Our students literally have thousands of courses to choose from

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The University of Chicago Booth School of Business is the second-oldest business school in the world The University of Chicago Booth School of Business is the second-oldest business school in the world
SummaryThe University of Chicago Booth School of Business is the second-oldest business school in the world

that with 11 electives—six of which can be can be taken anywhere at the University of Chicago—and our students literally have thousands of courses to choose from to fulfil their academic requirement. The opportunity to customise an MBA experience specific to the needs and interests of each individual student is unmatched among top MBA programmes. It is also worth pointing out that our coursework itself is diverse. Not only does the curriculum cover 14 areas of concentration, international MBA options and several joint-degree possibilities, it also highlights many experience-based courses. Those courses partner with top companies and nonprofits to bring real-world learning into the classroom setting. Chicago Booth’s academic setting is grounded in a deep understanding of market fundamentals and coupled with an experience-based entrepreneurial curriculum that compels our students to take risks and stretch beyond any perceived limitations they might have. Our students get a world-class education and, more importantly, this environment absolutely inspires a personal transformation.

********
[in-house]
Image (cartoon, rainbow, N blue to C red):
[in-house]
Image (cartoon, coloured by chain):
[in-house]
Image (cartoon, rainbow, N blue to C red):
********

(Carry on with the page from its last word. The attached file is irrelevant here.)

What are the most popular courses at Chicago Booth?

There are more than 200 elective courses available to students but some of the more popular electives among all students at Chicago Booth include Business Policy, Sports Analytics, Cases in Financial Management, Consumer Behaviour, Entrepreneurial Selling, The Analytics of Financial Crises, Commercialising Innovation, Managerial Decision Making, Pricing Strategies, The Firm and the Non-Market Environment, Entrepreneurial Finance, and Strategies and Processes of Negotiations.

What kind of scholarships are available to Indians?

Merit-based scholarships are available to all students, but the school does have two fellowships specific to Indian students—The Indian Trust Fellowship and the Akhtarali H Tobaccowala Fellowship.

Recently, the PhD students from the Booth School concluded a research on cheaper drug trials. How far does it generally take to move from a mathematical model to reality in such a scenario?

Yes, that research was carried out by Jon Birge, Jerry W and Carol Lee Levin Professor of Operations Management.

Actually, it depends, first on regulatory approval and then on the size of the trial. For the approval, I would imagine this would also be easier for smaller trials including hundreds of patients (for example, for medical device approvals) as opposed to thousands of patients for broad indication drug trials. The main implementation issue in these cases is the computational capability. The current research is addressing that.

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